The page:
By Tom Poland
The cold water hurt my teeth, and it didn’t come from a cooler. Nor a faucet. There was no faucet. My grandparents cranked a windlass, lowering a bucket into a hand-dug well and hauling up water a dowser said was there. Hand-dug wells and dowsers … erased by time. But the dowser was right. Water was there.
Well, memories live on. I recall hauling up water from Mother Earth. I never came up empty. I drank cold water from an aluminum ladle, the old folks’ dipper. That shiny dipper seemed out of step with the wooden windlass, frayed rope, and dark water. Seems to me a red-and-white enamel dipper preceded the aluminum dipper, and before that a gourd reigned as the great granddaddy of dippers, but I most remember staring at that dark circle of water. I stared with wonder. My cousins stared with wonder. The well made for a miraculous gathering place. From below came the water women turned into tea, lemonade, and coffee.
I remember another well as if it were yesterday. In the 1950s I’d peer into Mom and Dad’s well, and the sky’s blue light revealed glimmering ripples from the east. That seemed ominous, for a few hundred yards east sat a cemetery. Drinking remains carried zero appeal. Of course, layers of earth filtered water coming from the cemetery had it entered our well, and I’m certain it did not. Still, what a mystery. Were we or not drinking graveyard drippings. Perish the thought.
My back-road adventures bring me across an old well now and then. I greet them with reverence, awe, and fear. I peer into them but I’m cautious. Get too close and it might cave in? All that depth could lead to my death but curiosity killed the thirsty cat so the curious writer leans over and photographs the well’s dark maw. I toss a rock in to hear the reverberating splash. Two seconds tells me the well drops 60 feet. Sounds right.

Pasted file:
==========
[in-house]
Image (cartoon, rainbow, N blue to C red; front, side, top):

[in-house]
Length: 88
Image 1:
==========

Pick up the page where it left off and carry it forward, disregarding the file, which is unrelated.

The men who dug these wells were brave. They were in dire straights but they were not cowards. Digging downward they set poles in corners and built supports to protect against cave-ins. Rocks and tools sometimes fell upon them but down they dug until that vein of water the old water witch predicted bubbled up.
I miss old wells. I miss my grandparents. My parents. Like water, they’re in Mother Earth. Two to three times a year I drive to Mom’s homesite. Just two things remain. Granddad’s country store, a hut for deer hunters now, and that old well, covered by a cheap fiberglass housing. No windlass, no bucket, no aluminum dipper, the one that went from shiny new to battered, dented, and misshapen, but how it slaked our thirst.
The years rolled on. Dams rose. Lakes backed up. Men built water plants with fluoride additives. “Look ma, no cavities.” PVC pipes came and invisible water found its way into homes. Windlasses gave way to pumps, and later machines drilled into earth and one day hand-dug wells found themselves abandoned.
“Watch out! Don’t fall into that hole.”
Today? Well, hand-dug wells sure are lonely. Just turn the faucet. Cold? Not like in wells but passable, and palatable. Look at a home today and you see no evidence water runs through it. No well. No windlass. It’s tapped into a system. To find proof of water’s source you’ll find a meter, sunk into the ground, but you won’t see any kids staring at it with wonder. No, no matter how long you stare, you’ll come up empty. Except for the meter man.
Tom’s work appears in publications throughout the South. His books include South Carolina Country Roads, Classic Carolina Road Trips From Columbia, Georgialina, A Southland, As We Knew It, and Reflections of South Carolina, Vol. II. He writes about the South, its people, traditions, lifestyle, and culture. He’s member of the SC Humanities Speaker’s Bureau. Governor Henry McMaster conferred the Order of the Palmetto upon Tom for his body of work on South Carolina. Tom grew up in Lincoln County, Georgia, and graduated from the University of Georgia. He lives in Irmo, South Carolina.